CRM Tips: Delete the Delete Privilege

By David Taber, CIO |  Enterprise Software, enterprise software

• Add a reason-for-dead (not "reason for loss" which will scare the reps off) in association with dead or lost deals.

• As soon as an opportunity is marked with these values, make it automatically disappear from reports, views, and searches, so that reps won't be reminded about the negatives. This is done using CRM workflows, access control, and page layout features.

• Create management reports for the VPs of sales and marketing that help them understand the failure patterns, so the business processes in both groups can be improved.

Creating and Deleting Accounts

The sales team typically believes that Accounts are their exclusive domain as well. But in an organization of any size, this just isn't true. If you're serious, CRM is connected to the accounting system, and creating an account can trigger all kinds of processes in accounting, finance and legal. So the reps should be allowed to create prospective accounts (that are not transferred outside of the CRM), but only sales operations, accounting, or finance personnel should be able to create full-fledged accounts.

Deleting accounts is even more of an issue. The basic rule again is "no," except by a system administrator or other data professional who understands the ramifications. This can be a big issue if you have duplicate accounts in your CRM/accounting system caused by linkages to your partners or channel. In some situations, you can't delete duplicates -- all you can do is rename them and create a parent-child relationship with the main account in your Accounting system's database. Make sure the people running your deduping and data cleansing tools are properly trained on these issues!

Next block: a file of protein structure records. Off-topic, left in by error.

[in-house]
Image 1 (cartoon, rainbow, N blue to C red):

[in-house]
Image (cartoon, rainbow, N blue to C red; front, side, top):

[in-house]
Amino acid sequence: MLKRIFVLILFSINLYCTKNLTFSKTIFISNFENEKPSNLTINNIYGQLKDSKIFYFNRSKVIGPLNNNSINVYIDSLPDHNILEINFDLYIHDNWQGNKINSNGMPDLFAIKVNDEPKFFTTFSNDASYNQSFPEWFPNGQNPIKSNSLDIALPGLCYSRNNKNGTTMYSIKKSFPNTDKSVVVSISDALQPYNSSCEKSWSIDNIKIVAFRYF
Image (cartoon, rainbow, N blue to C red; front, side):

Creating and Deleting Leads (or Contacts)

The marketing team is typically charged with Lead generation, and their campaigns may create leads by the hundreds on a daily basis. At least they hope so. And there's really no harm in creating lots of leads: with the right deduping tools and processing protocols, the history of customer interactions will be properly preserved even if a lead has been deduped dozens of times.

The marketing team, for obvious reasons, has no interest in deleting leads. But the Sales team often does. They want to get the worthless ones out of the way...and if there is a political war going on, they often like the opportunity to make marketing look bad. You want to look out for this: if you find a lot of leads being deleted, or if you find the "lead source" being changed, this should raise red flags about room for improvement in cross-organizational processes.

The hard reality is that 95% or more of leads may be no good: it does not help to hide this. You need to optimize your sales and marketing investment to fit with the yield and conversion patterns of your target market. So, like opportunities, leads should never be deleted: only hidden. The steps here:

Originally published on CIO |  Click here to read the original story.
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